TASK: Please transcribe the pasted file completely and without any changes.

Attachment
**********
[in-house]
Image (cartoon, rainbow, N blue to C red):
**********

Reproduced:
[in-house]
Image (cartoon, rainbow, N blue to C red):